Like all of Obama’s previous budgets you can expect this to also get zero votes. He’s got a perfect track record thus far: He’s never received a single vote in his entire sorry presidency.
The budget, it says, ‘would achieve $1.8 trillion in additional deficit reduction over the next 10 years, bringing total deficit reduction to $4.3 trillion. This represents more than enough deficit reduction to replace the cuts required by the Joint Committee [on] sequestration.’
The implication, one which the White House has made more deliberately in the past, is that Barack Obama has already squeezed $2.5 trillion out of the government’s next ten deficit statements.
Obama himself said during a press conference on January 14 that he had signed bills into law that contained ‘a total of about $2.5 trillion in deficit reduction over the past two years.’
FactCheck.org, a program of the University of Pennsylvania’s Annenberg Policy Center, reported in February that Obama’s total sum included about $600 billion, however, in new taxes – not spending reductions. It also included $500 billion in reductions of the amount the federal government planned to pay in future interest on its debts.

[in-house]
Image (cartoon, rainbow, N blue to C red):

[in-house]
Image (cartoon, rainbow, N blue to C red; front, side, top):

Only about $1.4 trillion consisted of actual spending cuts – or at least what Washington wonks call spending cuts.
Federal budgets are configured along what’s called a ‘baseline,’ providing a predetermined level of year-on-year increases that Congress has set on auto-pilot, and with which the White House generally considers it unwise to interfere.
The Daily Caller quoted House Speaker John Boehner’s press secretary, Brendan Buck, who dismissed in an email the idea that the White House’s budget will actually trim spending.
‘So where are the net spending cuts? I guess they don’t exist,’ Buck wrote. ‘The president’s budget will – at best – be flat on spending – or potentially even be a net spending increase [and] any deficit reduction will come exclusively from tax hikes.’
Senate Minority Leader Mitch McConnell practically begged the White House on Tuesday to get serious.
‘Mr. President, if you are ready to embrace bold reform — to take the steps that are needed to make our entitlement programs permanently solvent and grow the economy — then Republicans are ready to work with you,’ McConnell said.